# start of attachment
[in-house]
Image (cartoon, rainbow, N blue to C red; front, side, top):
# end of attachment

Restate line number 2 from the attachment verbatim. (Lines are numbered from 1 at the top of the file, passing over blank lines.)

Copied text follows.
Image (cartoon, rainbow, N blue to C red; front, side, top):